With Whiskey When We’re Dry, Oregon author John Larison propels the Western genre into the modern world.
Whiskey When We’re Dry almost didn’t happen.
A few months into writing the 2018 Western novel, a water line broke and flooded author John Larison’s writing studio at his home in the Oregon Coast range, drowning his computer, backup computer and thumb drive. But the old adage that good writing is just rewriting, proved to be true.
“I had the first page or so burned into my memory. When I sat back down, it came out exactly as it had been,” said Larison. “I rewrote the two months of work in two or three days. Now, it’s almost like my writing strategy to throw away the first draft.”
Whiskey When We’re Dry is a modern take on Westerns. Set in the late 19th century, the coming of age novel follows Larison’s heroine, Jessilyn Harney, who sets off across the West to find her outlaw brother and secure her family’s homestead. Along the way, she binds her chest and cuts her hair to pass as a young man and becomes a gunman for a politician. The story is told as Jessilyn reflects on her past, coming to terms with her choices and what it means to be part of a family, blood or not.
Like a true Western there are gunfights and chases on horseback and encounters with all the different cultures that were laying claim the West. But it’s a decidedly feminist take on the genre that challenges norms and pushes Westerns in a new direction.
“I had grown up reading those [classic] Westerns,” said Larison. “I looked for models of masculinity, what it means to be a man. As a grown up, I started to find the Westerns’ conception of masculinity to be outdated.”
The writing in Whiskey When We’re Dry is noticeably different than his previous works. Larison ended up writing twenty-three drafts of the novel, and the effort shows in how beautifully the prose flows. The voice of Jessilyn feels authentic and real, and the descriptions of the harsh landscape will etch themselves into your memory, as will the story, long after you’ve put it down.
“It wasn’t much of an idea. It was a voice. I followed that voice, and listened to the story that it told me,” said Larison. “To me it felt like I was transcribing someone else’s story.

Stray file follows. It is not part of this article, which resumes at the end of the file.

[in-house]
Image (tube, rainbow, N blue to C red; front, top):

“I realized early on, when you take issue with the Western, you are also taking issue with the dominant culture of America,” he continued. “The book had a lot of potential to talk about relevant, pertinent issues in American society, while also remaining totally true to this person who was speaking through me. I felt like it was my job to listen to that.”
A former fly-fishing guide and writing instructor at Oregon State University, Larison, said that his writing career has paralleled his early reading career.
He grew up in Oregon and reading books about fly fishing. His first two novels, Northwest of Normal (Barclay Creek, 2009) and Holding Lies (Skyhorse, 2011), were contemporary fiction about a fly-fishing community on the fictional Ipsyniho River in the Pacific Northwest, loosely based on the Mackenzie and North Umpqua rivers in Oregon. Then he started reading classic Westerns, and about twelve years ago began writing Whiskey (Viking, 2018), which was nominated for an Oregon Book Award.
Whiskey When We’re Dry caught the attention of Hollywood producers before it was even published and is currently being developed into a 10-part limited series. He’s currently at work on his next book, a novel titled The Ancients, which will grapple with climate change in a new way. It’s expected to be published in 2021.
“The experience of watching all my local fisheries change due to climate change, that brought the crisis home for me in a way,” said Larison. “If you do something outside, especially if you’re income is dependent on something outside, you’re forced to face it. As someone who considers themselves an environmentalist, I was really under informed. It’s a challenge for storytellers to articulate in a way that brings it home for readers.”